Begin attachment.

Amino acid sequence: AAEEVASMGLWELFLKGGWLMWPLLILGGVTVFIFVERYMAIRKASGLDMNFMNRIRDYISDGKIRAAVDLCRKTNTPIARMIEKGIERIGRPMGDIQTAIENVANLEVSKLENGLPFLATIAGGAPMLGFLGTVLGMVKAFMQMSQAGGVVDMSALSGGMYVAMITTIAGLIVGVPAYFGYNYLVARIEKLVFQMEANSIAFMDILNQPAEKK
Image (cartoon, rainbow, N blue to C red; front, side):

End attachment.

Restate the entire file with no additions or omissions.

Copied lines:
Amino acid sequence: AAEEVASMGLWELFLKGGWLMWPLLILGGVTVFIFVERYMAIRKASGLDMNFMNRIRDYISDGKIRAAVDLCRKTNTPIARMIEKGIERIGRPMGDIQTAIENVANLEVSKLENGLPFLATIAGGAPMLGFLGTVLGMVKAFMQMSQAGGVVDMSALSGGMYVAMITTIAGLIVGVPAYFGYNYLVARIEKLVFQMEANSIAFMDILNQPAEKK
Image (cartoon, rainbow, N blue to C red; front, side):